I am not sure if this question should be asked in the Philosophy or Neuroscience forum as both domains are relevant to this inquiry. Will have a go anyway.

One of the defining characteristics of CBS are the hallucinations that appear as a result of some impairment to vision. They range from simple to complex. Examples are given from geometrical shapes to people and landscapes and many have studied and provided commentary on this and similar phenomenon for many years. When thinking about them (and imaginal phenomena in general) I recall the ancients and find just how relevant and valuable their inquiries are today. Let us consider the following as an example:

On "The Enneads of Plotinus, Volume 1: A Commentary" By Paul Kalligas page 557 III 6. 'On impassibility' he states:

"Matter is, at heart, a place where images are produced and thus itself may be characterized as an image [eidolon] that gives rise to fleeting and deceptive illusions but that can never be pinpointed or apprehended on its own. At the risk of simplification we could say that it is the indeterminate and imperceptible constituent of corporeal entities considered as images. For while the configuring elements of an image, which in themselves are subject to our powers of perception, may all be referred, in one way or another, to the intelligible models they figure, the nature of the image as such cannot be explained solely by the specification of its relation to these models. Something further is required: a declaration of its otherness with respect to these, in order that the dependent character of its nature as an image may be rendered perspicuous. The 'non-intelligible' element, which makes images be images and their subsistence be purely phenomenal --- an "apparition" [phantasma] or "ghostly image of bulk" [phantasma onkou]--- is matter. On this see also the highly pertinent, if somewhat cryptic, observations of Gerson 1994, 112. It is, in other words, a necessary condition for the possibility of images being produced: for it does not itself, literally, produce them. It merely has a predisposition to produce them and a "propensity" or "aspiration" to give them subsistence so that in this sense it "longs for that which is destructive [sc., of itself]" (Oregetai tou phthartikou: cf. Arist. Metaph. N 4, 1092a2 and my discussion of this passage in my introduction to I 8) notwithstanding that in reality it cannot incur anything and consequently cannot suffer  destruction. It may be perceived indirectly because there appear fleetingly upon it all sorts of conflicting and mutually contradictory qualities such as those that Plato invoked in his unwritten doctrines in order to designate his own material ontological principle. On this see Arist. PH I 4, 187aI6-18, Metaph. A 6, 987b2o; and Hermod. Fr. 7 (apud Dercyllides Porph. 146F apud Simpl. in Ph 247.34-248.8): "Plato, assuming matter to be ranged with the unlimited and indefinite, clarifies its nature on the basis of these as belonging to those things which admit the more-and-less of which the great-and-small are one."<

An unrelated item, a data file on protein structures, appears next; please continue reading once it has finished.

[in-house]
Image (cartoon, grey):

In "A Vocabulary of the Philosophical Sciences

(Including the Vocabulary of Philosophy, Mental, Moral and Metaphysical, by William Fleming, from the 2d Ed., 1860: and the 3d, 1876, Ed. by Henry Calderwood, LL. D.)" By Charles Porterfield Krauth, William Fleming, Henry Calderwood · 1877 it mentions Hobbes suggesting that:

"Space is the mental image (phantasma) of a thing existent as existent, that is, no other accident of that thing being considered, except that it appears exterior to the person having the image."<

What is known is that a transformation (or conversion if you will) is occurring via transduction, in the case of CBS the impairment thereof with the brain accommodating for same, but what is brought into question is the topography (locus of manifestation) of visual experiences [e.g. "where is it that I go when I dream?"].